Animal control officers must also become dog breed experts in order to determine whether a specific dog is on the list of regulated breeds. In Iowa, for example, a dog owner had to fight for the right to keep her dog after animal control officers determined the mixed-breed dog violated the community’s breed-specific ordinance – even though neither the owner nor their veterinarian immediately identified the dog as being any the banned breeds. Some communities have attempted to define a dangerous dog as any dog that has certain physical characteristics. This forces local officials to focus more on a dog’s appearance than its behavior – and often results in incorrect identification.
Breed-specific laws also often lead to increased costs to the community, as many owners abandon their household pets at local shelters because they are no longer permitted to own them, or are unable to comply with the strict regulations imposed on them. In many cases, the owner must choose between relocating to a different town or getting rid of their dog. Many of these dogs end up being housed and/or euthanized at the shelters at the taxpayer’s expense.
Strict enforcement of animal control laws (such as leash laws) and guidelines that clearly define dangerous behavior in all breeds are more effective in protecting communities from dangerous animals. Dangerous dog guidelines should establish a fair process by which a dog is deemed "dangerous" or "vicious" based on stated, measurable actions, not merely based on breed. These laws should also impose appropriate penalties on irresponsible owners and establish a well-defined method for dealing with dogs proven to be dangerous.
Increased public education efforts also prove effective, as they address the root issue of irresponsible dog ownership. Salt Lake County, Utah, implemented a program in 2009 to train "pit bull" breeds in an attempt to lower the numbers being euthanized in local shelters. This program utilizes the American Kennel Club’s Canine Good Citizen® program to teach owners on how to properly train and socialize their dogs. (www.animalservices.slco.org)
If a community truly wants to fix the problem of dangerous dogs, then it needs to abandon the idea of breed-specific legislation. Time and time again, communities that have enacted BSL get unenforceable and costly laws, but no solution to the problem. Addressing the issue of irresponsible ownership is a much more effective method of animal control. The AKC Government Relations Department is available to help communities develop dangerous dog policies that properly protect citizens and responsible dog owners.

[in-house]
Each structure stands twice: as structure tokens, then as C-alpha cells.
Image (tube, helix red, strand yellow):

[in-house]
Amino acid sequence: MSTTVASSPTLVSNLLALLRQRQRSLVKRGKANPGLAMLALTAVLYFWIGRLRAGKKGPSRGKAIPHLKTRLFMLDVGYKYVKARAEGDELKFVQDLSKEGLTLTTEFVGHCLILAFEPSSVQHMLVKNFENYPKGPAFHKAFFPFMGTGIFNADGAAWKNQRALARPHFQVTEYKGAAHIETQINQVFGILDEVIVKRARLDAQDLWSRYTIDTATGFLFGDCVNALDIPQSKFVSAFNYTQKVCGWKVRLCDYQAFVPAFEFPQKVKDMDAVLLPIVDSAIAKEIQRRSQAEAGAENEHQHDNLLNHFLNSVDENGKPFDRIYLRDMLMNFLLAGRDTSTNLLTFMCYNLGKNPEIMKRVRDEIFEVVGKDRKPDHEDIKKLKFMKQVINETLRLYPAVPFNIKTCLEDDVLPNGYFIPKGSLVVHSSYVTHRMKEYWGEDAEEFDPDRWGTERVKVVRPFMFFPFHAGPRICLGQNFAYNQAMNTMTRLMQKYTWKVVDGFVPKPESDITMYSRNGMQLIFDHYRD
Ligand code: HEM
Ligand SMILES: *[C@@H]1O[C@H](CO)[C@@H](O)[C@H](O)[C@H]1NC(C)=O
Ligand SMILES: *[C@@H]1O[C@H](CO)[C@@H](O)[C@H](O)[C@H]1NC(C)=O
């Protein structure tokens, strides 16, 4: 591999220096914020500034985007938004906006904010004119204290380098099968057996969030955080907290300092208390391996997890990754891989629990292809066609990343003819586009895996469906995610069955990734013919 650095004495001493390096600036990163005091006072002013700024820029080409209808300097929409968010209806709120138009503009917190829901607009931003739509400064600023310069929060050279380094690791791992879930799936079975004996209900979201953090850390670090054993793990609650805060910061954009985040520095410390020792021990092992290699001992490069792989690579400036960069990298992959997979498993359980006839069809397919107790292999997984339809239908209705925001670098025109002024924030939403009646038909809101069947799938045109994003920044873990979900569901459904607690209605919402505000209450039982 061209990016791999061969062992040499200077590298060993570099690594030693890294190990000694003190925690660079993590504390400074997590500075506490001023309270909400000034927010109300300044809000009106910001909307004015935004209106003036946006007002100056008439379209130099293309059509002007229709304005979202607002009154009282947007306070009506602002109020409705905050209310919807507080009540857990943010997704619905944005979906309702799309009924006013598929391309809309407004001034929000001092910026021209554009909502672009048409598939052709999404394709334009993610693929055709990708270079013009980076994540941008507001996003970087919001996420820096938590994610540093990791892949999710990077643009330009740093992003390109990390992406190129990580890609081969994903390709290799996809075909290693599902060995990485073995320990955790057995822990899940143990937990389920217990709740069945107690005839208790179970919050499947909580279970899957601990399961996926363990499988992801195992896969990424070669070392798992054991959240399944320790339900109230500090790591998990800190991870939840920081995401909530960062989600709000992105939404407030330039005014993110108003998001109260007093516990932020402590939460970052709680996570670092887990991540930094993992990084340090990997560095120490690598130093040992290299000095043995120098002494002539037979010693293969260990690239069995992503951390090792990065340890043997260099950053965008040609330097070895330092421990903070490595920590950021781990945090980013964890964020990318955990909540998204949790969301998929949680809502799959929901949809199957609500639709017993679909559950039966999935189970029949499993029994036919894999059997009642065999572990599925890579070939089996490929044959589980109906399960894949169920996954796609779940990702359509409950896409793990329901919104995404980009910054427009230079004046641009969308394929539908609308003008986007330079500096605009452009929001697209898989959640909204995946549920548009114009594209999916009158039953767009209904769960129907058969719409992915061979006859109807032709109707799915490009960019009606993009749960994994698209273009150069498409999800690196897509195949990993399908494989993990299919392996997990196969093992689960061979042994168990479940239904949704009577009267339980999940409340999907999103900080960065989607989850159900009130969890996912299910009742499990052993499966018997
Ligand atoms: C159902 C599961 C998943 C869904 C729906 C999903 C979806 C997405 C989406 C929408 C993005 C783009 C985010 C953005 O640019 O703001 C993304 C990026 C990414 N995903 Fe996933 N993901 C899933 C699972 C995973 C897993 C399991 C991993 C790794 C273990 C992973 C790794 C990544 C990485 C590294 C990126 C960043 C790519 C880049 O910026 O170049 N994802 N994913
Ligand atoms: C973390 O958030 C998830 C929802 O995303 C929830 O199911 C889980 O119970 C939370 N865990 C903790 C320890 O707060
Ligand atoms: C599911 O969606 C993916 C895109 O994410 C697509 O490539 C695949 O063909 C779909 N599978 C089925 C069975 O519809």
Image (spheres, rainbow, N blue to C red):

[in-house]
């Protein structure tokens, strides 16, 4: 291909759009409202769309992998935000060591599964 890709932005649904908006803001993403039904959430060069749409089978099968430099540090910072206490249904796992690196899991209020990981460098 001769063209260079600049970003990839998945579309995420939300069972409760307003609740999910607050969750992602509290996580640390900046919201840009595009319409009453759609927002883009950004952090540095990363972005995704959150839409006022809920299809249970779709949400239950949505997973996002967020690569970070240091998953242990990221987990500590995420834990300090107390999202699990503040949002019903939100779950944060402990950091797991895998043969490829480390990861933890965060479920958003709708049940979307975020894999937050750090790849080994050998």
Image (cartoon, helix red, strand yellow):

DID YOU KNOW?
- A study published by the Journal of Animal and Veterinary Advances found that owner behavior has a direct impact on dog aggression and personality. The study of approximately 50 purebred breeds concluded that the time an owner spent caring for and training a dog is inversely correlated to the level of aggressive behavior the dog exhibits. ("Factors Links to Dominance Aggression in Dogs." Journal of Animal and Veterinary Advances. 8(2): 336-342, 2009.)
- Doug Kelley, Director of Denver Animal Care and Control, stated in a 2006 interview with the Arizona Daily Star that the ban on "pit bulls" did not decrease ownership of the breeds in the community. A study of the numbers over a six year period showed that the number of "pit bulls" seized and impounded increased by approximately 800 percent. (Sorenson, Dan. "Dangerous breed ban in Denver yields few clear results." Arizona Daily Star, December 3, 2006.)
- A number of the breeds commonly placed on banned lists, including American Staffordshire Terriers, Rottweilers, and German Shepherds are used as therapy dogs, search-and-rescue dogs, police/military working dogs, and service dogs for the disabled.
Originally printed in AKC’s In Session, Summer 2009. Updated May 2013.